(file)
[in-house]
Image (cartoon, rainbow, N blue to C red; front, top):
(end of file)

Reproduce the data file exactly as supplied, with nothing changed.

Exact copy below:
[in-house]
Image (cartoon, rainbow, N blue to C red; front, top):